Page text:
Levels of N-Nitrosodimethylamine (NDMA) in some metformin products approved for distribution in the US ranged from “not detectable to low,” based on laboratory test results announced by the Food and Drug Administration (FDA).
The investigation into metformin products produced in the US was prompted by reports of low NDMA levels found in the antidiabetic agent outside of the US. To date, the FDA has not recommended a recall of metformin products in the US due to the relatively low levels of NDMA identified in testing. According to the Agency, these levels were “similar to the levels you would expect to be exposed to if you ate foods like grilled or smoked meats.”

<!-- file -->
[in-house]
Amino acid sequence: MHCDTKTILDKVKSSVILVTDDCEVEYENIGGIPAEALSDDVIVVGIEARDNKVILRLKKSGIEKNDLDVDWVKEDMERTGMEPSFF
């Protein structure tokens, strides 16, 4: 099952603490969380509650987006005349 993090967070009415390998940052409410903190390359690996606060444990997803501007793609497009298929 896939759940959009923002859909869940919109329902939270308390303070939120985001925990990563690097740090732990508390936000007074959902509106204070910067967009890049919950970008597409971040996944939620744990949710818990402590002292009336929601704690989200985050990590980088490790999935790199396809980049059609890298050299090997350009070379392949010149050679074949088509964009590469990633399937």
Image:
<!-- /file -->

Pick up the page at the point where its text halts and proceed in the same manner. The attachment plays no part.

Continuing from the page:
Moreover, the Agency has not identified a sample of metformin that has exceeded the acceptable daily intake for NDMA. Laboratory results for the tested metformin products can be found here. The Agency will continue to monitor NDMA in metformin as well as other drug products.
Metformin, a biguanide, is indicated to improve glycemic control in patients with type 2 diabetes, as an adjunct to diet and exercise.
Additional information regarding NDMA can be found on the FDA’s nitrosamine impurities webpage. Healthcare professionals and patients are encouraged to report any adverse events associated with these products to the FDA’s MedWatch Program.
For more information visit fda.gov.
This article originally appeared on MPR